A theological moderate might, for example, concede that biblical accounts of Jesus' life can be thought of as symbolic narratives, given the obvious factual contradictions between and among the gospels, but that those accounts nevertheless point to a fully real, fully divine dimension of existence, leaving open the possibility of miracles (as traditionally understood), but accepting their improbable nature, based on the insights of modern science. For this type of Christian, the Bible probably represents a more or less reliable sketch of Jesus' life, death, and resurrection. Such moderates might also be willing to view the fact of religious diversity through an inclusivistic lens, perhaps seeing the Christ at work in and through other religions. And even if they don't go this far, they might still allow that God is deep and mysterious enough to make room for those who are good and decent, despite being non-believers.

A theological liberal might, by contrast, be perfectly comfortable with the idea that Christ was just a wise and unresurrected teacher, and that "holy," when applied to Jesus, might be a synonym for "respected" or "revered." A liberal Christian might also view Christianity as merely one legitimate religious path among many. John Shelby Spong is a good example of this sort of liberal: a scholar (and former Episcopal bishop) who has taken the demythologizing tendencies of, say, Rudolf Bultmann to their logical conclusion. John Hick, perhaps the best-known modern advocate of a certain form of religious pluralism (and author of The Metaphor of God Incarnate, a book whose title reveals the author's christological stance), is less polemical and more philosophical in tone than Spong is; he, too, could be placed in the "liberal" category. Such Christians often have a hard time convincing others that they are, in fact, still meaningfully Christian.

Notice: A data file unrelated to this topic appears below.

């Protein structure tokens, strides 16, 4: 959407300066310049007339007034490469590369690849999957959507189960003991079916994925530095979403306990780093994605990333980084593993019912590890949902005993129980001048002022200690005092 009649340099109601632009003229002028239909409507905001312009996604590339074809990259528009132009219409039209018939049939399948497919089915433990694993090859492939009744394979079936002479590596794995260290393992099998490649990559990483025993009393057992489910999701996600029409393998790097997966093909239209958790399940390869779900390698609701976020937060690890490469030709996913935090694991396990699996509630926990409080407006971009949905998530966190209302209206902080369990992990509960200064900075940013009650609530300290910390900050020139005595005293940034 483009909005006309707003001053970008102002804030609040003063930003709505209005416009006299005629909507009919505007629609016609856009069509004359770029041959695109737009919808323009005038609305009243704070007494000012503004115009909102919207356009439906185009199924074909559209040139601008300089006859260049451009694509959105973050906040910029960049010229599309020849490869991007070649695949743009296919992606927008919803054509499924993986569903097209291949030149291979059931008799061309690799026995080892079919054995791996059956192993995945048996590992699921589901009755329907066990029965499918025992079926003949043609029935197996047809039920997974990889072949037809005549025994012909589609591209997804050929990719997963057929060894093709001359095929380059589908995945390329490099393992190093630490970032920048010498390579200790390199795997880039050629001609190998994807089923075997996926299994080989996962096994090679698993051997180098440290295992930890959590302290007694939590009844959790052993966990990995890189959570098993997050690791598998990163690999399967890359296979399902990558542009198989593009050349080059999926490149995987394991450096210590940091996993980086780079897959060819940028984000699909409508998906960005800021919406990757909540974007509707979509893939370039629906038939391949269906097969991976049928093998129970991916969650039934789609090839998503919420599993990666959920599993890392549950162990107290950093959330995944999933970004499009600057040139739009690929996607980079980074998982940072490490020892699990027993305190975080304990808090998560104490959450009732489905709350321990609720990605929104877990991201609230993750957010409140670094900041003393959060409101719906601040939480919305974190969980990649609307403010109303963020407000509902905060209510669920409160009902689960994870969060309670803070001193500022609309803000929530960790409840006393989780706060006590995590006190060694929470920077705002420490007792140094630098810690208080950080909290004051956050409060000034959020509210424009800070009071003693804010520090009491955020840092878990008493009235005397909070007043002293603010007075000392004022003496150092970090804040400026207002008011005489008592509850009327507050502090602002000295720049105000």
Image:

It's important to remember that the liberal strain of Christianity by no means constitutes the majority view. Globally speaking, most Christians tend to fall toward the more conservative (read: traditionalist, literalist, and often fundamentalist) end of the spectrum of belief and practice, especially when we consider how Christianity is preached and received in the third world. Religious liberals often forget this fact, to their cost.



Charles said...

Intelligent and well-written, as usual. You put into words some things I think I've always felt (in particular about many of the so-called problems of religion being founded in human nature) but never really thought through. Thanks for the read.